My LinkedIn feed alerted me to an article titled “Wildfire victims are largely underinsured.” The tagline caught my attention and I jumped in. I am going to leave the author of the article out of this blog as it is not my direct intention to bash their work. However, I do not want people to read that article and be mislead. Maimonides said (I am paraphrasing here) “In order for a lie to have legs, it must be interwoven with the truth.”
Many true and valid points were raised and then used to twist ideas and blame the wrong people. This is my attempt to correct that wrong.
The article pointed to “latest figures” (unsubstantiated) that 80% of the homes affected by the wildfires were underinsured and 60% were severely underinsured. Additionally, they claim that greater than 60% of affected homeowners planned on suing their insurance company and/or broker. The main factors driving this underinsurance that they point to:
- Insurance buyers using market value as opposed to replacement cost
- Building code upgrades add 35-50% of the cost of the home
- Construction costs post disaster are increased 30-35%
- Insurance company programs that estimate replacement cost are incorrect 90% of the time
- Agents/Brokers are engaged in downward spiral to be competitive
Underinsurance is an ongoing problem nationwide as individuals try to balance cost and coverage. Without the proper information people make the wrong choices. However, I am not sure how they tallied 80% of affected homes or surveyed how many were preparing lawsuits. Moreover, the primary factor cited was insurance buyers using market value as opposed to replacement cost.
That is a HUGE problem in depressed areas of the country i.e. inner city Baltimore, MD, where you can buy a 2,500 square foot brick home for $50,000 and the replacement cost is $350,000. However, the market value of a great deal of the Malibu homes destroyed was far greater than the replacement cost. So if in fact buyers were making this mistake, they would have been OVERINSURED.
Building code upgrades for older homes can be costly, however, many carriers offer a separate line item called ordinance or law that offers additional coverage specifically for this risk. Newer homes are not nearly as affected as older homes as the codes have not been radically changed since the home was constructed. So it is not a problem across the board.
Construction costs do increase after a large disaster as it is a function of supply and demand. With great demand and a limited number of qualified contractors, prices rise post disaster. We have seen this in Louisiana, Florida, and certainly California.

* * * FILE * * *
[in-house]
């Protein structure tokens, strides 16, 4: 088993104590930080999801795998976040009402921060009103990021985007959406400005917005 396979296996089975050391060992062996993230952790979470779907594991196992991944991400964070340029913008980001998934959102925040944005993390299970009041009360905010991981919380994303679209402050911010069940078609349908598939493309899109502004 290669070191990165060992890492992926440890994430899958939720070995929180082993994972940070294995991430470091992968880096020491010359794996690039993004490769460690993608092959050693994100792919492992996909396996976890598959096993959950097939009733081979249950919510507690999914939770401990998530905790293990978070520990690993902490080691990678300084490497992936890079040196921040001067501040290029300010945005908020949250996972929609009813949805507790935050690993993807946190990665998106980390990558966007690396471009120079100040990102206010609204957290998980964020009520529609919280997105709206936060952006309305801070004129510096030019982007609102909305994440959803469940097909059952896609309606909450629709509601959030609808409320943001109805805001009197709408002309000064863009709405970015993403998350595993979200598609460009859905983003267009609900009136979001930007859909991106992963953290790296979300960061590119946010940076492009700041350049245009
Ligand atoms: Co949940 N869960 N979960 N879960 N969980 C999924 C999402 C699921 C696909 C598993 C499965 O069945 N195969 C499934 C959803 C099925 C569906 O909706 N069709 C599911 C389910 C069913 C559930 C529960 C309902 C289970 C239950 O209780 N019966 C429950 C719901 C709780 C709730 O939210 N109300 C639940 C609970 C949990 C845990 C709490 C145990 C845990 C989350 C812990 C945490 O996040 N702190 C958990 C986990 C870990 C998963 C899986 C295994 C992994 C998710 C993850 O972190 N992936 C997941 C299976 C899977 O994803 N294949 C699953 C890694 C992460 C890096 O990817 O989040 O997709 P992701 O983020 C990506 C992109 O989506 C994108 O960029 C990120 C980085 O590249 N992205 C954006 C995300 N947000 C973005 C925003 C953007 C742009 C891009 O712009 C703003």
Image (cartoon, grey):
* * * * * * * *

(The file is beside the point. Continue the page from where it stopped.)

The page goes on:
Insurance companies that are in the business of indemnity are not wrong 90% of the time on values or any of their calculations. If they were, they would be out of business. There are some carriers who looking to protect the maximum outlay in the event of a claim lean towards underinsurance on their replacement cost estimators.
I think this is wrong and should be handled appropriately. However, many carriers like Chubb, National General, AIG Private Client Group, Cincinnati offer guaranteed replacement cost—a feature that rebuilds the home regardless of the dwelling limit posted on the policy. Further, many of the main street carriers i.e. Travelers, Safeco, Hartford etc, offer endorsements allowing one to get 125% or 150% replacement cost.
Finally, there is precedence for states to discipline carriers with hefty fines if they find them abusing i.e. purposely underinsuring homes. Then there is a CAT disaster—people are not properly covered and the state is forced to pay. Bottom line: as a result, I do not believe the carriers are wrong 90% of the time.
Finally, if blaming everyone else was not enough, the article blames brokers for being self serving trying to sell the cheapest policy. This is counter intuitive to me. If the unscrupulous brokers/agents were that way, I would argue they would sell the buying public more than they need in order to get paid a higher commission. Why would they look to SAVE their clients money?
In conclusion, I did not attempt in this blog to offer what I believe to be the real drivers of incorrect coverage as that is too lengthy for one blog. Simply blaming everyone from the carriers-agents-construction companies after a claim-municipal building codes etc. is par for the course in America 2018.
Someone needs to be blamed, and it is preferable for it to be someone other than the person most responsible for the property!